This year I took some time off from blogging about circuit splits to explore another area of interest that I believe will truly change the nature of practicing law over the coming years: big data. While software applications that allow users to glean insights from big data have crept into certain discrete facets of the legal profession (e.g., predictive-coding software in the context of e-discovery), they have dramatically improved the decision-making process in other sectors of the economy (e.g., finance, retail, and even brick-and-mortar businesses like GE and Wal-Mart).
In an article titled "Lawyering in the Shadow of Data," which Professor Stevenson and I recently submitted for publication, we explain the seismic shift underway in the legal profession, whereby lawyers are increasingly supplementing their intuition and practice experience with insights gleaned from big (legal) data. Here is the abstract:
Attorney bargaining has traditionally taken place in the shadow of trial, as litigants alter their pretrial behavior --- including their willingness to negotiate a settlement --- based on perceptions of likely outcomes at trial and anticipated litigation costs. Lawyers practicing in the shadow of trial have, in turn, traditionally formed their perception of the likely outcome at trial based on their knowledge of case precedents, intuition, and previous interactions with the presiding judge and opposing counsel in similar cases.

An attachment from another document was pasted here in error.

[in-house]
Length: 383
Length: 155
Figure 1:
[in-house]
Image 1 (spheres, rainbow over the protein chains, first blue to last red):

Today, however, technology for leveraging legal data is moving the practice of law into the shadow of the trends and patterns observable in aggregated litigation data. In this Article, we describe the tools that are facilitating this paradigm shift, and examine how lawyers are using them to forecast litigation outcomes and reduce bargaining costs. We also explore some of the risks associated with lawyering in the shadow of data and offer guidance to lawyers for leveraging these tools to improve their practice.
Our discussion pushes beyond the cartoonish image of big data as a mechanical fortuneteller that tells lawyers who will win or lose a case, supposedly eliminating research or deliberation. We also debunk the alarmist clichés about newfangled technologies eliminating jobs. Demand for lawyers capable of effectively practicing law in the shadow of data will continue to increase, as the legal profession catches up to the data-centric approach found in other industries. Ultimately, this Article paints a portrait of what big data really means for attorneys, and provides a framework for exploring the theoretical implications of practicing law in the era of big data.
You can download the latest draft of our article here: http://papers.ssrn.com/sol3/papers.cfm?abstract_id=2325137.
I welcome any feedback that you may have.